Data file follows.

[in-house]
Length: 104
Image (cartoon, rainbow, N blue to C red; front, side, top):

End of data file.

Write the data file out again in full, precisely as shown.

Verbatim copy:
[in-house]
Length: 104
Image (cartoon, rainbow, N blue to C red; front, side, top):